Tuesday, May 21, 2013

Why I Don't Like the Term "Best"

For years now I've avoided the term "best" in my end of the year lists. I simply felt it was presumptuous of me to use that label given that I can't even read all the books I'm sent, let alone all the books that are published. And if you can't read them all, surely you can't determine a "best," right?

Well, I was viewing a video the other day about an award and I was rubbed the wrong way when one of the people on the video said the books were the "best" because they were determined to be by the authors' peers. And I started thinking more about the use of the term...and I started noticing it more and more: "the best books out this week," "the best books of summer," "such and such award's best book of the year," etc. And I've decided I absolutely dislike the use of the term in something as subjective as the arts.

Don't get me wrong, I'm very happy for people who earn deserved recognition for their work through awards, but I think we should come up with a better way to present it.

When we think of the best field goal kicker in football there are definitive stats that support the label. Have you ever watched competitive ice skating on television? The commentators will say, "well they can't award him a perfect score because they have to deducted at least x points for that error." There's a standard/a rubric that has to be upheld. The best stocks in an investment portfolio have a monetary gain that supports their label. But those things don't exist with book awards (and don't even get me started on movie awards).

Awards can fall into all kinds of voting categories: peers, fans, bloggers, book sellers, industry professionals, etc. Why is one of those categories any better and worthy of declaring a "best" than the others? Sure your peers can evaluate you in ONE way...but you know, I've been in a jury pool room where there are supposed to be a group of my peers, and quite frankly, I don't know how well they'd all evaluate chewing gum. When I was a teacher, my peers were definitely not all created equal. They were human and susceptible to prejudice and bias as much as the next guy. Which is not to say fans are better or worse. I've seen what some people write on Amazon reviews. I think you get my point.

In book awards there is no rubric to determining a "winner." And sometimes ALL the books can't be considered because they have to first be submitted, add to that sometimes obscure rules prevent legitimate books from being submitted even if they tried to be submitted. And if you took the same group of books and presented them in four consecutive years, you have a distinct possibility of coming up with four different "bests" because each year you'll have a different committee or population of people voting. How can that be the "best" then? Isn't it actually the "favorite"?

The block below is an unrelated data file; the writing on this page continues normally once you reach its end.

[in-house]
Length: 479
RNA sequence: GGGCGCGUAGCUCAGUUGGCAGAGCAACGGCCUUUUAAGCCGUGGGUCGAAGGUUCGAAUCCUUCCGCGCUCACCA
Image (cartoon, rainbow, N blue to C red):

Maybe some people will just feel this is semantics, but to me, there's a connotation that goes with "best." To me, best is a definitive, objective term. And book awards are far from definitive and most definitely subjective. Couldn't we just have the Agatha Novel Award, the Edgar First Novel Award, the Anthony YA Award? I like the way the booksellers have the Dilys Award. It's a mystery novel that's voted as the one booksellers most like handselling. There's no "best" attached to it. There doesn't need to be.

In the whole scheme of things this is pretty unimportant, and personally I can view all awards as "favorites" (even if I do refuse to watch the Oscars or music awards because they've just become popularity contests). But my concerns go more to the overall impression the term "best" imposes. I think time is the true determination of "best" in the arts. What lasts. Will the "bests" be the books that do that?

3 comments:

Joe Barone May 21, 2013 at 9:51 AM  

You have a good point about the term "best."

EK May 21, 2013 at 9:49 PM  

I'm with you, Jen. About the only year-end round-ups I read any more are the "Year in Reading" posts on The Millions--writers, reviewers, bloggers, post comments on the books they read that year that meant the most to them, regardless of when they were published. I've read it for several years now and it led me to books I've loved (and hated) and inspired me to keep a reading journal so I could look back on my year. Also, there's a post in The Millions (yesterday, I think) about the hype around George Saunders's 10th of December raising unreasonable expectations. A book doesn't have to be the best to be very good or very entertaining, or very whatever. (And by the way, the audiobook of 10th of December is really good--Saunders reads it, and you really get the voice of the various narrators in the short stories that make up the collection).

Joe Barone May 22, 2013 at 8:25 AM  

As I thought about what you wrote yesterday (this post), it made me think about why I am skeptical of awards. Many (not all) of my favorite books don't win awards, at least major awards. Instead of awards (even the prominent ones), I probably prefer simple favorite lists which tell enough about the books that I can figure out whether I want to read them. Maybe, to me, awards have too much "best" in them.

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